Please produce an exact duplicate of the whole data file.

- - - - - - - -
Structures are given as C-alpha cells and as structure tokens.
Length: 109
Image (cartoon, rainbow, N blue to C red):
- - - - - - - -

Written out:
Structures are given as C-alpha cells and as structure tokens.
Length: 109
Image (cartoon, rainbow, N blue to C red):